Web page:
The Disney ride is adapted to a slightly generic, punny action-adventure-romance flick
Jungle Cruise is the latest entry into the world of Disney cinematic adaptations of their own theme park rides. Here we have Emily Blunt as Lily, a British botanist whose studies are ignored by the sexist academy, her affable brother MacGregor (British comic Jack Whitehall) who gets dragged along on her adventure, and Dwayne Johnson as Frank, the steamboat captain they hire to take them down a South American river in search of a mythical all-healing flower. The Tears of the Moon, which doesn’t exactly translate to Lagrimas de Cristal, as they are also confusingly referred to, is hidden deep in the jungle and Lily has stolen the key to finding them.
Does this story sound like an amalgamation of past movie plots? It kind of is. It’s hard to ignore obvious comparisons to The Mummy or Romancing the Stone or The African Queen. This critic even got vibes of Fitzcarraldo at one point in Jungle Cruise. Also, the visual appearance of the undead conquistadors our fearless adventurers have to fight is particularly reminiscent of the sea-ghost pirates in Pirates of the Caribbean: On Stranger Tides.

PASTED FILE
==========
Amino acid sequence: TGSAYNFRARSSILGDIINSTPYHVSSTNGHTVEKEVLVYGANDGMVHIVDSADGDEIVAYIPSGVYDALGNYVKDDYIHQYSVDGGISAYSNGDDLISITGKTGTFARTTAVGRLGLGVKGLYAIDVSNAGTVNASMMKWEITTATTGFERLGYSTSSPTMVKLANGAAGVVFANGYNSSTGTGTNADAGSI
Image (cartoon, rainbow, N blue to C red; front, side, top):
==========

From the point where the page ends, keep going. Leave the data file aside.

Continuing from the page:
For a movie that wants to posit itself on the side of “girl power,” there aren’t enough significant speaking roles for women. There’s Blunt’s Lily and then Veronica Falcón in a few scenes (not enough, in this critic’s opinion) as a witty indigenous woman dealing with colonists as she must. When I saw in the end credits that the screenwriting team were all men, this seemed less of a surprise.
Which is not to say that Jungle Cruise isn’t something of a delight to watch. Johnson’s lines are overrun with puns, so if that is your kind of humor, you are in luck. Whitehall is a joy to watch as his character fumbles throughout the film, and Jesse Plemons (TV’s Friday Night Lights) is on a different level of silliness with his performance as a German baddie. Even Blunt and Johnson share a nice banter in their scenes together, although to this serious fan of romance, the love angle feels like it was thrown in at the last minute.
From the strings opening the film with an adaptation of Metallica’s “Nothing Else Matters” to the end credits, there’s a continuous feeling to Jungle Cruise that it’s too reminiscent of previous creative works. And if one is too busy thinking of other films or books that a film reminds you of, the film itself is going to be less than memorable. So while I may have laughed a lot at Jungle Cruise, it’s doubtful there’s enough here to stick in my mind beyond a month or so.
Jungle Cruise opens Fri, July 30 in theaters and at home with Disney+ Premier Access.